To assess whether “a reasonable person in [the insured's] shoes would have expected the result,” Wickman, 908 F.2d at 1089, ReliaStar was entitled to take into account the substantial criminal consequences that often attach to an insured's decision to drive while intoxicated. These criminal laws stem, in part, from the fact that driving under the influence threatens not only the life of the impaired driver, but also the lives of other motorists. See Baker, 171 F.3d at 941 (inebriated driver convicted of involuntary manslaughter after killing another motorist). As West Virginia's highest court has noted, “operating an automobile while under the influence is reckless conduct that places [West Virginia citizens] at great risk of serious physical harm or death.” State ex rel. Appleby v. Recht, 213 W.Va. 503, 583 S.E.2d 800, 813 (2002) (quotation omitted).
Embracing Eckelberry's broad view of accident would eliminate the distinction this court has long recognized between intended and highly likely consequences. See, e.g., Baker, 171 F.3d at 942-43. Russian Roulette, an archetype of the unreasonable forecast, provides a useful paradigm. To be sure, while an insured may not intend to die when he places a single cartridge into a pistol, spins the cylinder, places the gun to his forehead, and pulls the trigger, such a result is not just an unfortunate accident. See Wickman, 908 F.2d at 1087. Similarly, out of a desire to avoid being shot, burglars typically choose empty homes to rob. But if an armed occupant is indeed home, we would not regard the burglars being shot as an “accident” in the same way we would treat a misfire at the shooting range. Likewise, even if Eckelberry did not intend to crash his car into a parked semi-truck, that intention does not alone render a result “accidental.” To put it simply, unjustifiable optimism about one's odds (or failure even to calculate them) does not relieve conduct such as Eckelberry's of foreseeable results.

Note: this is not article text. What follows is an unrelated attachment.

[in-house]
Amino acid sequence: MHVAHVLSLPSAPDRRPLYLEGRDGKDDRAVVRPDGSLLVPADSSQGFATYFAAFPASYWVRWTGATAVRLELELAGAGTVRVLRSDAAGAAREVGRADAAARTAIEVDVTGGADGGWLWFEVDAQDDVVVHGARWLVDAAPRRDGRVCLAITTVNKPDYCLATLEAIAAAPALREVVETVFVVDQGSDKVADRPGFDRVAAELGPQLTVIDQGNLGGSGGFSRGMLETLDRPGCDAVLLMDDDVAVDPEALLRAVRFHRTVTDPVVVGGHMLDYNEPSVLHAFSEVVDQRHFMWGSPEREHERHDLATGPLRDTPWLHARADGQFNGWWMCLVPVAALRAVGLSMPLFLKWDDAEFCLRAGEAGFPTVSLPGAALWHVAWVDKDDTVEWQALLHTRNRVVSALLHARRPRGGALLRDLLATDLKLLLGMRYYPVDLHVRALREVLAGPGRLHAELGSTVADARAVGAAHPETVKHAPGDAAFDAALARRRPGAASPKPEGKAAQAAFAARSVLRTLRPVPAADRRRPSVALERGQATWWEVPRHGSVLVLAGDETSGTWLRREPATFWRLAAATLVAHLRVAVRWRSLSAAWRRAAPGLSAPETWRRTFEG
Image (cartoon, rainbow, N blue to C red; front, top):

In sum, we are hard pressed to say that a death must be deemed accidental where a decedent voluntarily gets behind the wheel after voluntarily drinking too much. By choosing to drive under circumstances where his vision, motor control, and judgment were likely to be impaired, the insured placed himself and fellow motorists in harm's way. To characterize harm flowing from such behavior as merely “accidental” diminishes the personal responsibility that state laws and the rules of the road require. This case, in short, affords us no basis for concluding that ReliaStar's denial of benefits was unreasonable.